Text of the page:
The results add on our previous research on retail investors preferences in seven EU countries (Denmark, Germany, France, Ireland, Romania, Greece and Estonia) 2DII published in 2021 (here) and 2020 (here).
Each country report is the synthesis of national results gathered from several materials:
- A quantitative survey (on a minimum of 1000 respondents per country),
- Qualitative interviews (bilateral or focus groups),
- An estimate of market potential for various green financial solutions in relation with attitudes expressed in the quantitative survey.
Here is a selection of the main results:
- A general lack of knowledge but an interest for and a positive attitude towards sustainable finance (solutions),
- A high level of heterogeneity in beliefs and motivations across people, with some regularities:
- In each country, between 40% and 60% of retail investors want to have impact,
- In each country, the most common profile is the “I want it all” profile (i.e., looking for returns, value-alignment and impact simultaneously).
- A limited ownership of green financial solutions (between 5% and 15% for each product type),
- A significant retail attitude-behavior gap regarding the financing of the green energy transition, to be connected to the lack of knowledge, information costs and a low level in trust,
- A large variety of perceptions of what “impact funds” are but a more consensual perception about what they should be,
- Despite the recent takeoff, an untapped potential for many green retail investment solutions:
- We estimate the total market potential for the 6 EU countries to be EUR 4.1 tn for green assets held in direct or through investment funds, EUR 1.6 tn for green assets held through pension funds and EUR 0.8 tn for green assets held through life insurance,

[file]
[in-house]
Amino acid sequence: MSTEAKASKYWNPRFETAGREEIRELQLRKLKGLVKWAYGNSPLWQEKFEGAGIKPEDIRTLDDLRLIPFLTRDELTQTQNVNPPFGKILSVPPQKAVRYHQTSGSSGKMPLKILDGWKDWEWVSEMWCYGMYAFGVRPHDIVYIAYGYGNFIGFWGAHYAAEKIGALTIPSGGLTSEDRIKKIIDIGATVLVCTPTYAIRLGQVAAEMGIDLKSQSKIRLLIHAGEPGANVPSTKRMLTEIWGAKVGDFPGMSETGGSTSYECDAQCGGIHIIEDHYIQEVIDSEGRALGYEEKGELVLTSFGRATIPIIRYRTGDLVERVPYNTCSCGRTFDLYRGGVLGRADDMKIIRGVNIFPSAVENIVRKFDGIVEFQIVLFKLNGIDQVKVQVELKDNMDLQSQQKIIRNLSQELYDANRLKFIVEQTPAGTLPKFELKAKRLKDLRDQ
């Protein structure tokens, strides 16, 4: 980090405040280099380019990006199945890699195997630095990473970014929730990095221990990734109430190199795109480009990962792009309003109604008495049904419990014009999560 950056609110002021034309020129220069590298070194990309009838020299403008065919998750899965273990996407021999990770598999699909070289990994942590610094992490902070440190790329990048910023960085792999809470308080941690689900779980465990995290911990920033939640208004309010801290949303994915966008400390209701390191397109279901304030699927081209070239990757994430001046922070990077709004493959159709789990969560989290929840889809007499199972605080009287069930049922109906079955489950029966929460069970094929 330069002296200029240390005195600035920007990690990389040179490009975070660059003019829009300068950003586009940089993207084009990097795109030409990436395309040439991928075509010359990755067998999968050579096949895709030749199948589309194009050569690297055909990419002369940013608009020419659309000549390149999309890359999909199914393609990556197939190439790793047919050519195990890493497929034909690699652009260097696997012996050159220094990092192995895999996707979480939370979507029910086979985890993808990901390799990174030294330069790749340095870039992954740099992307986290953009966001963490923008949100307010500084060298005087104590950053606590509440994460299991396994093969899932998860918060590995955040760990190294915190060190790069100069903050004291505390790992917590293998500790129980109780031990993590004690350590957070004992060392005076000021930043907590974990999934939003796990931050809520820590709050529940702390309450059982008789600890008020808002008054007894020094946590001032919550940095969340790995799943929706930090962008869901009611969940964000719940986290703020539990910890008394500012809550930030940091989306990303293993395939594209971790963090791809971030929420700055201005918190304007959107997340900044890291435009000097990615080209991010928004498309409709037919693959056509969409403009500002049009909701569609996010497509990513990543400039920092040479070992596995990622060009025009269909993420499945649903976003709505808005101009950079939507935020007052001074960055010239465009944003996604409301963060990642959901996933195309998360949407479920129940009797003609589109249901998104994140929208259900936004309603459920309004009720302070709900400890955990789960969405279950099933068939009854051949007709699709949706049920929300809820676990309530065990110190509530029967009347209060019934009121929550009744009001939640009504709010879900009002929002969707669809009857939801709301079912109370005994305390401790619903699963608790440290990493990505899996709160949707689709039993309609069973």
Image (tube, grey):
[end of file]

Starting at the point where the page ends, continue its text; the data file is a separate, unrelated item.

- Therefore, ensuring that life insurance and pension funds carefully reflect their beneficiaries’ sustainability motivations is key for the full deployment of green financial solutions,
- Due to current asset allocations of households’ financial investments held in direct or via intermediaries, market potentials are often highest for deposits in green saving accounts and for green bond funds.
About our funder and the project: This project is funded by the EU’s Horizon 2020 research and innovation program under Grant Agreement No 834345. LEVEL EEI aims at making the financial products contributing to energy efficiency and sustainable energy more competitive. This work reflects only the author’s view and the funder is not responsible for any use that may be made of the information it contains.
The paper is part of the Retail Investing Research Program at 2DII which is one of the largest publicly funded research projects about the supply, demand, distribution and policy side of the retail investment market in Europe.